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A Rare Northern Shrike Visits Pickering Creek

Birders have been flocking to Pickering Creek Audubon Center over the last couple of weeks to spot a rare bird.  A first year Northern Shrike was first spotted by Dr. Wayne Bell on January 29.

Dr. Bell, an experienced birder, first observed the Northern Shrike while conducting periodic monitoring of bird species at Pickering Creek.  As he scanned the area with his spotting scope from one of the wetland observation platforms, he got his first look at the bird perched in saplings before it flew across the recently restored wetlands.  After returning to the parking lot, he located the bird again and observed it on and off again for a half hour – alternating between perching on exposed branches and diving into the underbrush.  At this time, he was able to take a picture of the bird through his spotting scope.

The Northern Shrike is rarely found on the Eastern Shore.  The bird breeds in the far northern reaches of Canada and northern Alaska.  During the winter months, it migrates into the northern parts of the United States.  However, it is rare to find it south of the New York-Pennsylvania state line. 

The Northern Shrike is a mostly gray songbird with a narrow black mask, black tail with white outer feathers, and black wings with a small white patch.  It’s most notable feature, however, is the sharply hooked tip on its stout bill.  They use this hawk-like bill to capture and snap the neck of prey, consisting largely of small mammals or other birds.  Since they lack talons, the Northern Shrike will then impale the captured prey on a thorn to hold it in place while feeding.

After spotting the bird, Dr. Bell shared his sighting with other birders in the area through the Talbot County Bird Club rare bird hotline.  He also reported it using eBird, a national database developed by Cornell University’s Lab of Ornithology to capture bird sightings used by birders throughout the world.  Once reported through eBird, the sighting was identified as a state rarity on reports shared with these birders.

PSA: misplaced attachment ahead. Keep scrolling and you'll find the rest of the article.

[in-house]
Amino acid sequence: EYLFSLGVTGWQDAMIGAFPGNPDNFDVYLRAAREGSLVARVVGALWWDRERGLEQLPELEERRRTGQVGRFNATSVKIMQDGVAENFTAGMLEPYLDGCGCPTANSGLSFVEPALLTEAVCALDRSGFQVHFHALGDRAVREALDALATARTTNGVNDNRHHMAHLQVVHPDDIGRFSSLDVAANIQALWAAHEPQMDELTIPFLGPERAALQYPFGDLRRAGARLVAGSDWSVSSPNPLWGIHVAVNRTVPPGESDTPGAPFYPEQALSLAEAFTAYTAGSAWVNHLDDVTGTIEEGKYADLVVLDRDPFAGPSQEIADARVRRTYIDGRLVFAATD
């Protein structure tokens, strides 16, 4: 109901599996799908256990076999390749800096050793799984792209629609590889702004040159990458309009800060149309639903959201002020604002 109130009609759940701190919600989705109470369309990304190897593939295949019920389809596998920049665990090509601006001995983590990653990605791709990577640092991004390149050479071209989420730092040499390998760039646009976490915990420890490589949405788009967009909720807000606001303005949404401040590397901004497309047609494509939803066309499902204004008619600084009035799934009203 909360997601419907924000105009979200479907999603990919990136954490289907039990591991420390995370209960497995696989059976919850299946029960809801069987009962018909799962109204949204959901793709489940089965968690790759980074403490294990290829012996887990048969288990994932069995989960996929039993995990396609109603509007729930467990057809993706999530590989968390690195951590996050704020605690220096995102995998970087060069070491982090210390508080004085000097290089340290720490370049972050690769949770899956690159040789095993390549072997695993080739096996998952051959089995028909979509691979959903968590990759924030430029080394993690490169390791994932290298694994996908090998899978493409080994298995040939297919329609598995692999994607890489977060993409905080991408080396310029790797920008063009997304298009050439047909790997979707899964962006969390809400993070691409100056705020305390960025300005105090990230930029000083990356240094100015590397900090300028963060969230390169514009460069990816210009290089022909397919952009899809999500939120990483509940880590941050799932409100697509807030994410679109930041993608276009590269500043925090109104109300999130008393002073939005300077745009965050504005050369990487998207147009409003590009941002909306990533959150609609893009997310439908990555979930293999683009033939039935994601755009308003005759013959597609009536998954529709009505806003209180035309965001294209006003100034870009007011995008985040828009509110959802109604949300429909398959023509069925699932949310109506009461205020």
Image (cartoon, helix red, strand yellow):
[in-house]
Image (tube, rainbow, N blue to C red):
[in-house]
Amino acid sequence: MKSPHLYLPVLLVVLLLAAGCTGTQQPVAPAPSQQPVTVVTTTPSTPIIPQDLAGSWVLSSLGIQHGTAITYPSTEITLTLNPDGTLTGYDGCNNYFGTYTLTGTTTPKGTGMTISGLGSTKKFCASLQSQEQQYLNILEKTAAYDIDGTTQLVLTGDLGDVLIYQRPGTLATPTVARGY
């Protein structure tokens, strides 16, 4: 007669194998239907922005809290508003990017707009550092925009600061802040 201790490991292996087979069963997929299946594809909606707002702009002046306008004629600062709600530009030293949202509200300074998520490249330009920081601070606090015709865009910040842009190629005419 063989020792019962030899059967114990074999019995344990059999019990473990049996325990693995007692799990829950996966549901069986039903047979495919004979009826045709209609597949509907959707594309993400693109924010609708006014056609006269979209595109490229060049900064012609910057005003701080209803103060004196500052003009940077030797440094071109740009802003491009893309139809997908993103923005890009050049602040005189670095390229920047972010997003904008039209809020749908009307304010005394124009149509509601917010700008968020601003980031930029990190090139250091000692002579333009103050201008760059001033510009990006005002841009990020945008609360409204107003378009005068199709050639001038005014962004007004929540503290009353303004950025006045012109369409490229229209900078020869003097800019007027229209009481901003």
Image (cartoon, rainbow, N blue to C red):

By the next day, birders throughout the state were visiting Pickering Creek to see this unique bird.  Most were rewarded with views of the bird as it perched high on exposed branches of sweet gums, sometimes near the parking lot, other times between the two wetland observation platforms.  A review of eBird reports shows that over 70 birders added the Northern Shrike to their bird list.  One birder came as far as Frostburg, MD, and another made the trip from North Carolina.

According to eBird, a Northern Shrike was last sighted at Pickering Creek in 2005, when it showed up in mid-February and stayed around for about a month.  The closely related Loggerhead Shrike can be found throughout the southern half of the United States.  While its range does not extend to the Eastern Shore, it sometimes makes a rare appearance.  It was last seen at Pickering Creek in 2011, where it generated similar interest from birders throughout the region.  The Loggerhead Shrike can be distinguished from the Northern Shrike by its thicker black mask, whiter breast, and smaller size.

Pickering Creek Audubon Center is open for the public to enjoy nature daily from dawn to dusk.  There is no admission to enjoy the Center’s trails this February.  To learn more about Pickering Creek Audubon Center, visit its website at http://pickering.audubon.org.  To learn more about the Talbot County Bird Club or subscribe to the rare bird hotline, send an email to talbotbirdclub@gmail.com.

Contact: Mark Scallion, National Audubon Society, mscallion@audubon.org, 410-822-4903

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